Biodiversity Information Science and Standards : Conference Abstract
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Conference Abstract
Avenues into Integration: Communicating taxonomic intelligence from sender to recipient
expand article infoBeckett W. Sterner, Nathan Upham, Atriya Sen, Nico M Franz
‡ Arizona State University, Tempe, United States of America
Open Access

Abstract

“What is crucial for your ability to communicate with me… pivots on the recipient’s capacity to interpret—to make good inferential sense of the meanings that the declarer is able to send” (Rescher 2000, p148).

Conventional approaches to reconciling taxonomic information in biodiversity databases have been based on string matching for unique taxonomic name combinations (Kindt 2020, Norman et al. 2020). However, in their original context, these names pertain to specific usages or taxonomic concepts, which can subsequently vary for the same name as applied by different authors. Name-based synonym matching is a helpful first step (Guala 2016, Correia et al. 2018), but may still leave considerable ambiguity regarding proper usage (Fig. 1). Therefore, developing "taxonomic intelligence" is the bioinformatic challenge to adequately represent, and subsequently propagate, this complex name/usage interaction across trusted biodiversity data networks. How do we ensure that senders and recipients of biodiversity data not only can share messages but do so with “good inferential sense” of their respective meanings?

Figure 1.

The problem of taxonomic name/usage (TNU) ambiguity in biodiversity data. Two alternative usages (“1” and “2”) of a species name (“A”) are shown in their geospatial context as circumscribed by a set of georeferenced museum voucher specimens. Those usages were published as taxonomic opinions by given authors, both circumscribing name A for a species-level entity in different ways. Both usages share the same type specimen and locality (shown by a star) and thus the same name A, authority, and year. Name-based string matching is insufficient for parsing this type of TNU change unambiguously. Taxonomically intelligent methods, yet to be developed in a scalable fashion, are instead required.

Key obstacles have involved dealing with the complexity of taxonomic name/usage modifications through time, both in terms of accounting for and digitally representing the long histories of taxonomic change in most lineages. An important critique of proposals to use name-to-usage relationships for data aggregation has been the difficulty of scaling them up to reach comprehensive coverage, in contrast to name-based global taxonomic hierarchies (Bisby 2011). The Linnaean system of nomenclature has some unfortunate design limitations in this regard, in that taxonomic names are not unique identifiers, their meanings may change over time, and the names as a string of characters do not encode their proper usage, i.e., the name “Genus species” does not specify a source defining how to use the name correctly (Remsen 2016, Sterner and Franz 2017). In practice, many people provide taxonomic names in their datasets or publications but not a source specifying a usage. The information needed to map the relationships between names and usages in taxonomic monographs or revisions is typically not presented it in a machine-readable format.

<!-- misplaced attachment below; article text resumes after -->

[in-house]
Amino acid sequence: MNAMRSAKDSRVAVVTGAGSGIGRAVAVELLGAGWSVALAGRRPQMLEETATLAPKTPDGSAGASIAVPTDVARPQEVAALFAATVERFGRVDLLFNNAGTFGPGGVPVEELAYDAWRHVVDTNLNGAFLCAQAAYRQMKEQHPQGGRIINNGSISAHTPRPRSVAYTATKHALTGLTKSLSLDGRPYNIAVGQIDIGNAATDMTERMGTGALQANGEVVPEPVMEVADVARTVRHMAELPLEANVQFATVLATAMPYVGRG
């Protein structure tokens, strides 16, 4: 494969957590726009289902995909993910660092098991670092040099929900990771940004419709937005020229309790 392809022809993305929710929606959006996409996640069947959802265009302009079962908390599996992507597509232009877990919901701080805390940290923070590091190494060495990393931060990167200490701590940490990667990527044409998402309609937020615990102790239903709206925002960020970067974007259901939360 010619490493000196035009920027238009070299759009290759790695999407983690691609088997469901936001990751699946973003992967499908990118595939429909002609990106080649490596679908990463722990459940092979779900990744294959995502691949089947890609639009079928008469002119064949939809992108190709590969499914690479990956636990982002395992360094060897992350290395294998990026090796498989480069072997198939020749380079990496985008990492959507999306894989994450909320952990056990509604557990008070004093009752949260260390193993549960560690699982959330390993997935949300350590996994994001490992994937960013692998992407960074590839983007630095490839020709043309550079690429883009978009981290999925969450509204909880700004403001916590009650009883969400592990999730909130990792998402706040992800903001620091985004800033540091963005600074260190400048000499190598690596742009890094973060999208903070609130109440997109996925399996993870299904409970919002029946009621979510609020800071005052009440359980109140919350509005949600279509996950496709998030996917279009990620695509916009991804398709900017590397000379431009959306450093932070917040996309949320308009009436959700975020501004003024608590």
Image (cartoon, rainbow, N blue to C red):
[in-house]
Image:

New approaches are making progress on these obstacles. Theoretical advances in the representation of taxonomic intelligence have made it increasingly possible to implement efficient querying and reasoning methods on name-usage relationships (Chen et al. 2014, Chawuthai et al. 2016, Franz et al. 2015). Perhaps most importantly, growing efforts to produce name-usage mappings on a medium scale by data providers and taxonomic authorities suggest an all-or-nothing approach is not required. Multiple high-profile biodiversity databases have implemented internal tools for explicitly tracking conflicting or dynamic taxonomic classifications, including eBird using concept relationships from AviBase (Lepage et al. 2014); NatureServe in its Biotics database; iNaturalist using its taxon framework (Loarie 2020); and the UNITE database for fungi (Nilsson et al. 2019). Other ongoing projects incorporating taxonomic intelligence include the Flora of Alaska (Flora of Alaska 2020), the Mammal Diversity Database (Mammal Diversity Database 2020) and PollardBase for butterfly population monitoring (Campbell et al. 2020).

Keywords

taxonomic name, taxonomic concept, logic reasoning, artificial intelligence, data integration, Darwin Core, information retrieval, extended specimen

Presenting author

Beckett W. Sterner

Presented at

TDWG 2020

Funding program

National Science Foundation Science and Technology Studies Program

Grant title

Productive Ambiguity in Classification ID#1827993

Conflicts of interest

None declared.

References